The foreign service often designs and always delivers these initiatives. Without its active effort and involvement, government objectives would be difficult to achieve.

Within the civil service, the foreign service has traditionally been the closest to the Prime Minister. The foreign service was effectively an adjunct of the Prime Minister’s Office from its inception in 1909 until 1945, during which time successive prime ministers from Robert Borden to William Lyon Mackenzie King also held the portfolio of Secretary of State for External Affairs.

The foreign service was housed with the prime minister in the East Block until they moved into the Pearson Building in 1973. Even then, foreign service officers traditionally served on the staff of the prime minister and a senior foreign service officer accompanied the PM on travels abroad.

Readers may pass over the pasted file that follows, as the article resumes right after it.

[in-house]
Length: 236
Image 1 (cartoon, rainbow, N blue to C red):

Pierre Trudeau once complained that he could read all he needed to know in the New York Times, but he came to rely heavily on the foreign service, especially in the promotion of his valedictory ‘Peace Initiative.’ Brian Mulroney promised ‘pink slips and running shoes’ in his first months of governing, but before long his chief of staff, lead speechwriter and communications director were all from the foreign service.

Today, there is a perception that, after seven years, the Prime Minister and the international portfolio ministers have no confidence in their foreign service even if they trust individual officers. If so, then now is the time to reform the foreign service rather than continuing to rubbish it.

The last serious look at the foreign service was a Royal Commission conducted by Pamela McDougall between 1979-80.

Prime Minister Harper has had success with task forces, such as that on Afghanistan, with clear objectives, a short time-frame, and designed to produce practical recommendations.

Mr. Harper should mandate a task force to determine what kind of foreign service we need for the future. Terms and conditions of service – including a more flexible approach to postings, improved language training, and better recognition of spousal contributions – should be a part of the inquiry. It would complement ongoing work on the government’s Global Commerce Strategy.